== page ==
Free men held the ability to ascend from the confinement of needs and hierarchy into a political realm of freedom and equality. All matters of violence in this notion are relegated to the social realm captured by the domestic. Violence here is a justified necessity for the maintenance of the social and the polis. The political realm is one of action and speech, of great deeds and great words – great because they come from the capacity for greatness, not because they are great onto themselves. Correct speech is an action and valorised as such.


In our context, the dimensions of violence return as a problem. Violence falls outside of the political, it is not speech nor action, it is only brutality. Arendt writes that “sheer violence is mute, and for that reason alone can never be great” (p.26). Violence is not a means of political communication. If violence is enacted upon us, we are not political subjects, we do not belong to the order of free and equal men capable of political greatness. Asking what the violence itself means, provides no meaningful conclusion in this case. Where does this violence position us? What does it mean for our position that brutality was and continues to be so readily deployed against us? In my reading, it marks our clear-cut exclusion from the political. It marks us as social, some of us even beyond the stability of the social. Granted, much has changed in the modern era; Arendt’s distinction does not map on perfectly onto our conditions (nor does it need to). This arrangement of the political sphere, of the primacy of the polis over those expulsed into the social and non-social, of the structure of State and power means that violence is always readily deployed for the management of its biopolitical subjects and unquestionably against its necropolitical non-subjects. Violence is often willingly condemned by the polis — to them, violence is not speech, it has no meaning or significance. Their condemnation, to us, then rightfully rings hollow. If the polis exerts violence, whether those privileged by it agree with it or not, it is a simple necessity. Thus, when we demand action on their part, what we receive are invitations. In response to a statement of collective dissatisfaction by the students of the Master's Sociology programme at the University of Amsterdam, we received a vague condemnation of violence and, interestingly, the following:


If at a later moment you are willing to have a conversation, know that our door is always open. I also wanted to clarify that the initial invitation for a conversation was, and still is, directed to all of you. Please let me know if (some of) you are willing to have this conversation.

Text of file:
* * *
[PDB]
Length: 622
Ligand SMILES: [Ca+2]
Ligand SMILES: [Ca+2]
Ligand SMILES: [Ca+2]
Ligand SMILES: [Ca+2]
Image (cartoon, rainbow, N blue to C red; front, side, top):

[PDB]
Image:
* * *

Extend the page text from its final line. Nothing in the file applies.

It is a sentiment we have received over and over, from all angles, from all the free men of the polis. What work is this statement doing here? What, in our exclusion from the polis, is this telling us? It says: Well yes, the violence is neither here nor there, we condemn the violence, but you all know that. Come to us, meet us on our grounds, ascend from the abject social we have put you in and become free men. Make your speech political, become capable of great words and great deeds. We may be willing to hear you out. It is, as many of our organisers have pointed out, a call for co-optation. Knowing where we stand, we cannot confuse this for genuine concern (once again, regardless of whether the individual men of the polis believe it themselves). Political speech calls upon us, upon some of us, to make ourselves reasonable, peaceful, rational. We precisely are not political subjects and our conditions are not political. Understanding this also shows us the places where the violence perpetrated by protesters and movements becomes relevant. Violence is justified and necessary by political and social subjects alike, as long as it works for the management of the inequality of the social as distinct from the polis. One then does not have to wonder why rallies and actions by white supremacists and neo-Nazis don't face the same repercussions. A violence that manages inequality, that encloses subjects in the order of the political, seems acceptable even if frowned upon.


Any violence on our part as students and activists calling for liberation, or any non-violence for that matter that does not qualify as political speech, becomes a problem. We are not afforded the political grounds of legitimacy; we are not political subjects. If we continue to be a problem, we may not even qualify as social subjects to be managed. The questions it produces for our movement towards liberation are pertinent. What do we want? Do we want to ascend into political beings, to be unencumbered by power, able to exert it onto the social realm that we temporarily descend to? Or do we decide to stay in the social abject, to stay with the violence and see what it produces? The procession of protestors passes the window I am writing from. Our demands are clear. Demands to the political to cease to maintain themselves through violence against us. My questions aren’t binary or necessarily in opposition to each other – some of our choices must be strategic. In true fashion of a philosopher, I don’t have answers, only questions and problems. Knowing our playing field, I ask us where we stand and to what end. Knowing where we are, where do we go?


Further readings:

  • A Poetics of the Undercommons by Fred Moten (2016)

  • Necropolitics by Achille Mbembe (2019)

  • Mutual Aid by Dean Spade (2020)

  • The Coming Insurrection by The Invisible Committee (2007)


Rated 0 out of 5 stars.
No ratings yet

Add a rating
bottom of page